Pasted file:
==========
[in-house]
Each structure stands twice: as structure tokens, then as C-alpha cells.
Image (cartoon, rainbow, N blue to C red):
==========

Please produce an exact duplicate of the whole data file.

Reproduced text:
[in-house]
Each structure stands twice: as structure tokens, then as C-alpha cells.
Image (cartoon, rainbow, N blue to C red):